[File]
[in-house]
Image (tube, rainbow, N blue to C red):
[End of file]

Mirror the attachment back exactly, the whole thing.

[in-house]
Image (tube, rainbow, N blue to C red):